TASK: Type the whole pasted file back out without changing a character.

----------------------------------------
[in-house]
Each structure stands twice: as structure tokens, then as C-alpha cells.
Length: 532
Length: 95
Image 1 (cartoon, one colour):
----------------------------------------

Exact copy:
[in-house]
Each structure stands twice: as structure tokens, then as C-alpha cells.
Length: 532
Length: 95
Image 1 (cartoon, one colour):